Reviewed by Jeremy Browne
The purpose of this concise book, now in its fourth edition, is to provide practical assistance “to trustees and trust advisors and anyone involved in the management and administration of a trust” (preface). One finds that a general confusion about the obligations of trustees permeates modern society. People seem to think that they can move property to a trust and yet continue to deal with it as their own. This book aims to help trustees understand the nature of their duties and also provide practical guidance on the running of trust meetings, the passing of resolutions, and the keeping of minutes.
The book is short, just 149 pages in length, many of which do not have a full page of text. It is in three distinct sections:
The first part is checklists and commentary. Essentially this section consists of a short overview of the law with checklists. For instance, the first checklist is a list of factors to consider before accepting appointment as a trustee while the second checklist is a list of matters to consider when reviewing a trust deed. The checklists are very good, and they and the summary flag various tax issues that could arise.
The second part consists of 20 draft trustee resolutions for various common situations. Electronic copies of these documents are on a CD that comes with the book.
The third part consists of some template draft trustee minutes for the initial meeting and general meetings, as well as clauses for 71 specific situations. Electronic copies of these documents are on a CD that comes with the book.
The first section is the only part that contains any black letter law. The summary is fairly high level in nature and a lawyer who practises in this area could well find that they are familiar with everything in this section. However, as a civil litigator who does all manner of cases, I learned several things in reading the summary.
Some authority is cited in this summary. With the exception of about eight cases, all the cases referred to are 21st century New Zealand judgments. The book always gives the New Zealand Trust Reports citation, even where the case is reported elsewhere, no doubt because the same publisher also publishes the NZTR. As someone who was always taught to cite the official report (NZLR instead of NZTR, AC instead of All ER, etc) I noticed the lack of the proper citations, at least as an alternative to the NZTR citation.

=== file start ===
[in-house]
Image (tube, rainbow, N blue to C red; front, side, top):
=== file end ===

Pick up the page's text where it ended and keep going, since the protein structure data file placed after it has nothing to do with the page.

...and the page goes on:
One surprising omission was that the book lacks an index. While there is a contents page at the beginning of each of the three sections, these are not exhaustive. For instance, the index to part 3 (minutes) only lists 8 matters, and yet there are 70 distinct sample clauses contained. Having said that, the book is short so it does not take much effort to find what you are after.
Although as quoted above, the preface indicates that a wider audience is intended, I think this book is, as the title indicates, one that is really for trustees. I can even see the merit in suggesting that clients have a copy to familiarise themselves with their obligations as trustees. Lawyers will find it useful to check their own precedents against those recommended by the book or even to help create a set of precedents. As a modestly priced and practical book, it would be a welcome addition to a firm’s library.
CCH New Zealand Ltd, September 2015, 978-1-775471-19-6, 149 pages, paperback and e-book, $92 (GST included, p&h excluded).
Jeremy Browne is a director of Henderson Reeves Connell Rishworth in Whangarei. He is a civil litigator who undertakes a wide range of claims, including some trust disputes.